After a couple of shaky weeks with Scooby's seizure activity, and then some new and unsettling symptoms this week, such as struggling to speak and being unable to keep his eyes open for more than a few seconds, we decided to give him an EEG and an MRI. We've had so many of these before, often with inconclusive results, that we didn't really think about the outcome. We hoped all his symptoms could be explained as side-effects from the many medicines he was on.
But an hour later we were in the office with several consultants being told news that turned our world upside down. Scooby's brain is riddled with disease. Where in January's scans there had been a few white lines and grey patches, now they dominated the picture. The doctors were as shocked as we were.
Although his original brain disease had never been identified, it had been narrowed down to an immune system dysfunction because every other avenue had been explored and it was the only possibility left. Immuno-suppressants had been used to try and keep it under control, but then he developed the blood disease HLH, which meant we immediately had to go to chemo and bone marrow transplant because there was no choice - HLH is a terminal disease and that is the treatment for it. And we all presumed that destroying his immune system altogether and replacing it with a new one would solve the problem of the mysterious brain disease too.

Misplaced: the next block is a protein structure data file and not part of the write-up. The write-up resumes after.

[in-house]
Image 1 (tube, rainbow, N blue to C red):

Nobody expected that it would continue on its path of destruction, untouched by the biggest possible medical intervention we could have thrown at it.
The last physical hope we have is that some virus has entered his brain which looks like the original disease but is actually something else. If that were found and identified, it could be treated and hopefully leave little damage. But the chance of this is practically nil. We know this is a formality rather than a probability and will get those test results on Monday.
There are no other options. In the second meeting, after the news had sunk in and we'd asked about every possible medical option we could think of, the only thing left to talk about was palliative care. That at some point we will have to make a decision about whether to continue treating infections that arise and giving transfusions when he needs them, or whether we choose to let him be and shorten the process of what could be a long degenerative decline.
When I was in labour with my babies, I had to keep my mouth closed all the time because once I opened it I couldn't stop the noise that came out. That is what has happened today, back in the four walls of our hospital room. I have had to cry silently and with discipline because the feral groans that try and escape from deep within my gut would have shaken the whole hospital.
God, I want to keep him. Please. We need a miracle.